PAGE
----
If you've been reading super hero comics for as long as I have, you get used to two things: 1. people asking "You don't still read that crap?" and 2. seemingly endless reboots, re-imaginings and resurrections of long-running characters. And so it goes with silver screen supers too. I was initially dubious about the idea of Sony rebooting the Spider-Man franchise so soon after Sam Raimi's trilogy. Did we really need yet another version of Spidey's origin story? Couldn't the new director, the appropriately-named Marc Webb, just Recast And Carry On? Well, apparently not.
The good news is this latest version actually works. ( In my humble opinion of course. ) Many elements of the story and character ( Spidey's wise-cracking, the mystery of Peter's parents, the non-biological web-shooters ) hark back to the original Lee/Ditko/Romita days... which is fine by me. Marc Webb may not have Raimi's hyperactive, idiosyncratic vision but he can certainly frame a decent shot and can show off our friendly neighborhood web-slinger at his spidery best in the action scenes, while not being afraid to slow the pace to allow the characters room to breathe.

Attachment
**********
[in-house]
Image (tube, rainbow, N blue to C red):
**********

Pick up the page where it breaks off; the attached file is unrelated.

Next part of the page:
I'm still not totally convinced by the look of the costume: it strikes me as too fussy and over-designed after the simpler version in the previous movies, but ( despite the photo above ) at least Andrew Garfield keeps the mask on longer than his predecessor. It's always bugged me ( hah! ) in super hero movies when the main characters are so careless about their secret identities that they'll unmask in the middle of a crowded city and expect not to be recognised. I blame the actors :-)
Oh yeah, the actors. Brit Andrew Garfield is a gawky, moody Peter Parker - not as nerdy as Toby Maguire's take on the character, but still a convincing outsider, with a note-perfect American accent. Emma Stone is a perfect fit for the caring, compassionate Gwen Stacey. She brings a real warmth to a relatively under-developed character. The scenes between the two "teen" characters are beautifully underplayed and believably awkward.
The older members of the cast are fine too. Martin Sheen, Sally Field and Dennis Leary are all perfectly cast as the harassed adults struggling to deal with heroes, villains and teenagers, while Rhys Ifans makes a convincingly driven, one-armed scientist as Dr. Curt Connors, but is less confident as generic villain, The Lizard.
So, I'd award this movie Three Out Of Five Web-Shooters as a solid introduction to the new series, especially for the pairing of Garfield and Stone, but I'd like to see something a bit more er, Spectacular next time...
I'll leave you with this lovely, retro-styled look at Spidey and Gwen by Steve "The Dude" Rude.